Got a spare $200 million or so lying around? Then have we got a deal for you. How about your very own Nurburgring?
No, that's not a model of the Nurburgring, or even a real track just like it; it's the real thing, including the arena, the museum, the useless roller-coaster and the legendary Nordschleife. All for a measly NZ$200 million.
After being unable to secure financing and also being massively in debt the German
Government-owned facility filed for bankruptcy last year. Although billionaire Formula 1 Supremo Bernie Ecclestone was said to be interested in buying it outright, nothing eventuated. That's not saying he isn't interested, more that he is probably waiting for the
price to be more to his liking.
Since then the list of about 50 interested parties has been whittled down to ''between five and 10'' serious potential buyers, says liquidator Jens Lieser.
Reassuringly, Lieser also told Bridgetogantry.com (an unofficial Nurburgring blog site) that there was ''not a single Oligarch or Sheik among them'', reducing the likelihood of the `Ring becoming a billionaire's private playground. For now, at least.
Honda's lawn of the future
Honda have touted their rather useless Asimo robot as the way of the future for quite some time, but now it seems that they have finally come up with a useful robot one that mows your lawn.
Unveiled at the Palm Beach PGA Tour event, the Honda Miimo robotic lawnmower has already gone on sale in Europe and promises to take all that unnecessary hassle out of
life by mowing the lawns for you. Similar in concept to robotic vacuum cleaners, Miimo requires a boundary wire to stop it from wandering off, but also features 360-degree
sensors to help it avoid birdbaths and ''project cars'' rusting in the back yard. Rather than one big mow every few weeks, Miimo takes to the lawns several times a week, lopping
off a small amount each time. It also senses when its lithium-ion battery is getting low and will return to base for a top-up.
Production for sexy Sergio?
The stunning Pininfarina Sergio Concept that debuted at the Geneva motor show may now actually be heading for production. Albeit in very limited numbers.
Based on a Ferrari 458 Italia, the two-seater barchetta was said to have been inspired by "Ferrari models of the 60s and 70s" and was revealed at the Geneva show as a tribute to legendary designer and former chairman of the Italian design company, Sergio Pininfarina, who died last year.
Current Pininfarina CEO, Silvio Angori, said the company was "considering a very limited run of five to six units" and that plans to make the concept street legal (including fitting a windscreen to comply with European homologation standards) were well under way."We already know how and where to modify the Sergio concept car to make it into a compliant, street-legal model," Pininfarina chief designer, Fabio Filippini, said.
The biggest catch could be the price - thought to be about US$3.89 (NZ$4.7) million apiece. Although Lamborghini did manage to charge the same amount for the three examples of the hideous Veneno that it also unveiled at the Geneva show, so there is certainly hope for the gorgeous Sergio.
The Rotary that wouldn't die
Mazda is far from ready to let the idea of a successor to the RX-7 die, it seems.
The company recently revealed it is still discussing the possibility of developing a rotary-powered sports coupe to sit at the top of the Mazda range and act as a rival to future versions of Nissan's Z-car.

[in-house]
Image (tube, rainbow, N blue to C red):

Rather confusingly said to be possibly called the RX-9, the new car would not repeat the RX-8's four-door layout, but would instead be a dedicated two-seat, front-engined,
rear-drive sports car.
In an interview with UK magazine Autocar, president and CEO of Mazda Motor Europe, Jeff Guyton, said: ''We have a history of doing things a little differently.
''The rotary is clearly part of Mazda's soul, which confirms absolutely nothing. But it is nice to know they are still thinking about it.''
We are the world
While the cars they make to sell to the rest of the world increasingly are meeting modern safety standards, your average Chinese motorist may not be quite so concerned about safety, if the latest fashion trend in China is anything to go by seatbelt print T-shirts. They feature a black diagonal stripe that runs from the left shoulder and is aimed at
fooling your average e the car as it passes. The penalty for not wearing a seatbelt in China is 50 Yuan ($9.70) and the loss of two points (out of a possible 12) from a
Russian bus driver Alexei Volkov, who has clocked up more than a hundred traffic accidents in recent months, is becoming a folk hero in his home town of Zelenograd. Insurance fraud set-up accidents, in which drivers cut in front of their victims then slam on the brakes (the car behind, which does the hitting, is usually always blamed in local courts) are rife in Russia, so Volkov decided to do something about it he bought a
dash-cam, mounted it on his bus, and simply drove into anyone who cut him off.
Volkov known as The Punisher says his employer has no problem with his vigilante
justice, because the bus is rarely damaged, and he has never been found guilty of an offence because he has video evidence of the other parties' wrong-doing.
11 US DOLLARS The cost to Ford, per car, to fix the Pinto fuel-tank potential for rupture if it had recalled it in 1978.
14 MILLION Biggest recall when Ford realised faulty cruise control switch could overheat.
134 THOUSAND Toyota FJ Cruisers recalled worldwide because worn seatbelt anchors can become detached.
310 AMERICAN BACKSIDES Damaged by corroded tailgate cables failing, causing a GM recall